- Effect of Surface Hydrophobicity on the Adsorption of a Pilus-Derived Adhesin-like Peptide, Y. Yang, J. Huang, D. Dornbusch, G. Grundmeier, K. Fahmy, A. Keller, and D.L. Cheung, Langmuir 38, 9257 (2022)
- Strain-Dependent Adsorption of Pseudomonas aeruginosa-Derived Adhesin-like Peptides at Abiotic Surfaces, Y. Yang, S. Schwiderek, G. Grundmeier, and A. Keller, Micro 1, 129 (2021)
- Adsorption of SARS-CoV-2 Spike Protein S1 at Oxide Surfaces Studied by High-Speed Atomic Force Microscopy, Y. Xin, G. Grundmeier, and A. Keller, Adv. NanoBiomed Res. 1, 2000024 (2021) (Cover Picture)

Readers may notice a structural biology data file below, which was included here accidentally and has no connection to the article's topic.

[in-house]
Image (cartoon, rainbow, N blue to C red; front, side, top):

The biological response toward implanted materials is mediated by the composition of the interfacial layer between material and tissue. This interfacial layer in particular includes a multitude of adsorbed proteins from the surrounding medium. Protein adsorption and the resulting conformational changes have a strong effect on the response of adhering cells and may decide over tissue integration or implant failure. Modifying the chemical and physical properties of implant surfaces to control protein adsorption therefore represents a viable route toward stimulating or suppressing specific biological responses. We, therefore, study the interaction of proteins with well-defined model surfaces and realistic implant materials in simulated biological environments in order to elucidate and ultimately control the fundamental processes that govern cellular response to various implant materials. We are particularly interested in the influence of topographic surface features with nanoscale dimensions, which, despite their small size, can have tremendous effects on cellular response and affect cell morphology, proliferation, and differentiation. By utilizing a variety of surface modification techniques, including the application of organic and inorganic coatings and ion beam and plasma treatments, we furthermore attempt to tailor the physicochemical surface properties of different biomaterials toward enhanced tissue integration.